The genus Berberis contains a variety of low maintenance, 2- to 6-foot shrubs, known for their summer and fall landscape interest, such as lime or burgundy foliage. Some types yield ornamental berries in winter and tough thorns discourage deer foraging. Propagating Berberis shrubs by cuttings is an inexpensive way to increase landscaping plants.
Fill a container with drainage holes with a light-textured growing media, such as a good quality potting mix or a soilless media intended for propagation purposes.
Cut a 4- to 8-inch portion of a Berberis stem tip with sharp pruning shears in summer or fall. Remove the bottom 1-1/2 to 2 inches of leaves to avoid contact with the rooting medium, which helps prevent rotting.
Remove a small portion of growth hormone from the package. Scrape two 1-inch-long cuts around the bottom portion of the Berberis cutting, and dip the cut stem end into the hormone powder.
Make a small hole in the potting mix, stick in the Berberis cutting and lightly firm the soil around it. Water the growing media to settle it around the cutting.
Place a bottomless milk jug or other similar container over the cutting to reduce moisture lost by evaporation.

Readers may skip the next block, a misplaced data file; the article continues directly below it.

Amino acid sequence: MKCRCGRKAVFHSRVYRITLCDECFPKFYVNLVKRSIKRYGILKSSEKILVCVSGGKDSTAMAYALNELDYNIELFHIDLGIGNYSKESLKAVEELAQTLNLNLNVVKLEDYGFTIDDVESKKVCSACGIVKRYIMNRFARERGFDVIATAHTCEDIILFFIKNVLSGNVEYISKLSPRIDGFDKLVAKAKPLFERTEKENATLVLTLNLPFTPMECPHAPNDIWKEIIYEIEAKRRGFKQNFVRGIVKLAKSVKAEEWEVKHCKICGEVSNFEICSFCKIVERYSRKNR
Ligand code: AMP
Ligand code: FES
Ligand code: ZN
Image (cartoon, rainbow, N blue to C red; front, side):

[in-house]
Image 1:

Move the prepared cutting to a protected location out of direct sunlight. Check the potting mix daily, and add water as needed to keep it moist. Remove any dead leaves that fall from the cutting.
Remove the cutting to a 4 inch diameter pot after sufficient, 2- to 3-1/2-inch long, roots form, which may take two to three months, according to Washington State University extension. The cutting is beginning to root when a slight tug yields resistance.
Acclimate the rooted cutting to outside growing conditions by gradually reducing the amount of time the cutting is covered by the milk jug, and provide the newly potted cutting a partial shade location for several weeks before placing in direct or bright sunlight.